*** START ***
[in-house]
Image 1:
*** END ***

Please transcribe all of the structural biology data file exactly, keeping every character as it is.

[in-house]
Image 1: